Re­flec­tions from Bel­gium


As most read­ers will know, Waimakariri is twinned with Zon­nebeke, a mu­nic­i­pal­ity in Bel­gium which in­cludes within its bound­aries the Pass­chen­daele bat­tle­field where over 840 New Zealan­ders died on Oc­to­ber 12 1917 and an­other 100 or so of their wounds later on.

In­cluded in those num­bers were men from this district.

The twin­ning came about with an ap­proach from the Bel­gian side, seek­ing a sim­i­lar ru­ral and small-town district in New Zealand and the agree­ment was signed by then-Mayor Jim Gerard and Deputy Mayor Jo Kane ten years ago.

The re­cent ex­hi­bi­tion, The Bel­gians Have Not For­got­ten, on dis­play at Wi­gram and in Ran­giora was a man­i­fes­ta­tion of the re­la­tion­ship, as was the visit of many Waimakariri peo­ple, in­clud­ing a large party from the Ran­giora RSA, to the com­mem­o­ra­tive ser­vices at Pass­chen­daele last month.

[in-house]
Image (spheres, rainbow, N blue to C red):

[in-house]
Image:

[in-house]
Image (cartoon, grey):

In that part of Flan­ders, there are Bri­tish Army ceme­ter­ies all over the place, all metic­u­lously main­tained by the Com­mon­wealth War Graves Com­mis­sion.

All of them con­tain the bod­ies from across what was then the Bri­tish Em­pire – in­clud­ing from Bri­tain, Ire­land, Canada, Aus­tralia, New­found­land and, of course, New Zealand.

They are a sober­ing sight.

The var­i­ous cer­e­monies held that week were very pow­er­ful with a strong New Zealand cur­rent run­ning through them (Bri­tain and Aus­tralia have al­ready held their com­mem­o­ra­tions and Canada’s will be later this month).

The nightly last-post cer­e­monies at the Menin Gate in Ieper (Ypres) had a strong New Zealand flavour, par­tic­u­larly that on the 11 Oc­to­ber, which in­cluded a sound and light show on the nearby ram­parts walls and a waka com­ing out of the dark­ness on the moat.

On 12 Oc­to­ber there were four events, start­ing with the main ser­vice, held in the huge ceme­tery at Tyne Cot.

In some ways, the most mov­ing event was a sun­set ser­vice held in an­other ceme­tery – a mix­ture of pa­rade and mu­si­cal pro­duc­tion con­ducted by our De­fence Forces.

Re­ally special were the ap­pear­ance and pro­fes­sion­al­ism by mem­bers of the three arms of the NZ De­fence Force, the con­stant re­minders of the suf­fer­ing of our coun­try in the 1914-18 Great War, the strong New Zealand flavour in all the events of that week and the hospitality of our Bel­gian friends.

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